picks up some years later with the Storyteller arriving in The Commonwealth. The series returns to old form following The Storyteller as he wanders the ruins of Boston. He speaks in depth about the major factions, raider gangs, landmarks, and relevant issues from The Great War and before. Unlike previous seasons this one takes place concurrent with the timeline of the game. Sadly much of the charm and narrative built in the previous season is lost in this first half of season 4. Tanner is still missing, the cyborg is nowhere to be seen, and the search for the Institute is forgotten in lieu of setting the stage for the region.
The second half of the season is where the story finally picks up where it left off. Sadly the pacing of the story feels disjointed as Tanner miraculously returns and ED-NA, the Storyteller’s robotic companion, is no where to be seen. The search for the fugitive cyborg is back on in Nuka World. It almost feels like the producers were waiting for the final DLC to be released before continuing with the story.


A final surprise comes in the form of the Sole Survivor and Dogmeat, the protagonist of the game. The unexpected team up is a pleasure and offers a fun counterpoint to the Cyborg Vault Dweller in the final showdown. The final encounter, while quick, is satisfying and puts a neat cap on the story. Rounding out the final fight is a cycling epilogue similar to the reels found at the end of Fallout: New Vegas. This was a curious narrative choice but fits with the theme of the series.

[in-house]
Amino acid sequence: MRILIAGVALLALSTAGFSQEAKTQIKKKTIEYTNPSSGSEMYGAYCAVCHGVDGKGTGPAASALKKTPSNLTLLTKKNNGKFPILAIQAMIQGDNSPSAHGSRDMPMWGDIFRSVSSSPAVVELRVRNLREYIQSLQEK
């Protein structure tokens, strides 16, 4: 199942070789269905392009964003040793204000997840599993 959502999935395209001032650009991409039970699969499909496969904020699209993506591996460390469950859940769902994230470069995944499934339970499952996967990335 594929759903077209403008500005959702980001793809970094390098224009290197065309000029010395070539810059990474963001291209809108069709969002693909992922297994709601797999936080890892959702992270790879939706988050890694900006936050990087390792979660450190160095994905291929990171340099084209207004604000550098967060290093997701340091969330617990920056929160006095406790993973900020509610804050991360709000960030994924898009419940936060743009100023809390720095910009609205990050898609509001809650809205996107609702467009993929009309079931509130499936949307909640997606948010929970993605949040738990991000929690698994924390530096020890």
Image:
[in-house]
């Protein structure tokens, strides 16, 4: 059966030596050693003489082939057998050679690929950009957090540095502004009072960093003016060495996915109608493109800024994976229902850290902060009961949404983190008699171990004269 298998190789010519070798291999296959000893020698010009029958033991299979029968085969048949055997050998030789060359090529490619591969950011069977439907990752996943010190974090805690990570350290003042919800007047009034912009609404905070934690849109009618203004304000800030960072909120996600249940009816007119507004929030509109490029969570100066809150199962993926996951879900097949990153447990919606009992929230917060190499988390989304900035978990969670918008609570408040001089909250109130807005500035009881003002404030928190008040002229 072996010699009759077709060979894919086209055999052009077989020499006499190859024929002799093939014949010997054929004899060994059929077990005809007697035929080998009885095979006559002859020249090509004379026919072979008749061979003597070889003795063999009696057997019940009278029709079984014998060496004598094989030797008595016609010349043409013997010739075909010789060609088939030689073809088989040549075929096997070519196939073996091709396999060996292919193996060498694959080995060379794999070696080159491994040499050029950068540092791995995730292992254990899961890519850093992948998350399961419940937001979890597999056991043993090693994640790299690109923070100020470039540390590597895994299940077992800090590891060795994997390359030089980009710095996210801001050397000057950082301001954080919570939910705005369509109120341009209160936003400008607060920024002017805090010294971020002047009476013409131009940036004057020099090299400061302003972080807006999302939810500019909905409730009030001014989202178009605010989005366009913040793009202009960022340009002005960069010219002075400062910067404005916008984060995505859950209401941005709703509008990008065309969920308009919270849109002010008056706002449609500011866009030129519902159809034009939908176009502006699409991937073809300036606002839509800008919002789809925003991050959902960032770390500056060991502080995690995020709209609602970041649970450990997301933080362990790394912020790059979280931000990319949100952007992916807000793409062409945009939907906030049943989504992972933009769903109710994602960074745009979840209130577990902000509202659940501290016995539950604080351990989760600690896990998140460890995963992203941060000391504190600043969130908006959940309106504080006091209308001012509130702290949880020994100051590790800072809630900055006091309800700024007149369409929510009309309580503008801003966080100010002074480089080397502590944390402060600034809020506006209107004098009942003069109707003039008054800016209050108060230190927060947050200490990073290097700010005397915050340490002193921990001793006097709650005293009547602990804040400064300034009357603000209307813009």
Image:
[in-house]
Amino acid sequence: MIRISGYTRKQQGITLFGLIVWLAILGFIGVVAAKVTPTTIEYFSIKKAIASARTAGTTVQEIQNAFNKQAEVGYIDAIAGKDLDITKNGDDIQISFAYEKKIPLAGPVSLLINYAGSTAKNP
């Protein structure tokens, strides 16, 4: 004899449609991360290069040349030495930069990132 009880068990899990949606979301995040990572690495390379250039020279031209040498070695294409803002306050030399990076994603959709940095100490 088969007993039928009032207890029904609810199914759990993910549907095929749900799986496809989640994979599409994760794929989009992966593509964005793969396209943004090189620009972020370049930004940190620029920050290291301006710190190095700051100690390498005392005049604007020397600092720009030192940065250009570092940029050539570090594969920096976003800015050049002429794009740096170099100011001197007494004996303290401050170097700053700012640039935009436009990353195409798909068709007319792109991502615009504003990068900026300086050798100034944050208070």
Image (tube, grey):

Technical Differences

Previous seasons of The Storyteller were filmed in Fallout 3 and Fallout: New Vegas. These two games operate on the same engine and share many of the same environmental assets. However the previous games were released in 2008 and 2010 respectively and the visuals show their age. Season 4 was filled in Fallout 4(F4), which was released in 2016 and features many changes and updates from the previous games. The most significant being how power armor is seen and used. In previous games the armor is worn like any other.

Armor Up

In F4 the armor is fitted into a stand alone frame that seals around the wearer. This adds significant bulk and height to the models where before it looked more form fitting. Instead of gloves the armor has mechanical extremities that mirror the movement of the hands. This issue is not addressed in the series and may cause some visual dissonance for some viewers. But a series like this come with a degree of suspension of belief so the change in power armor mechanics and its impact on the main character can be overlooked. Even when The Storyteller shows off the ability to negate fall damage by stepping off the top floor of a skyscraper and striking the ground in a superhero pose.
Despite my complaints, The Storyteller season 4 is a delight to watch. Despite the many title changes the subtitle has always been Fallout Lore Series and Shoddycast has done a terrific job of showcasing those stories and crafting their own within it. I highly recommend this series to anyone, be they fallout fan or not.


A special message followed with the end credits. Executive Producer Randy Parish offers personal thanks to viewers and supporters of The Storyteller series and The Shoddycast channel, which recently reached one million subscribers. In addition to his thanks he has an announcement for the future of The Storyteller. The series is going to move away from recounting stories from the main games and move into original stories from the Shoddycast team. This is very exciting news for me and I can’t wait to see what they come up with.

Thank you for watching and reading.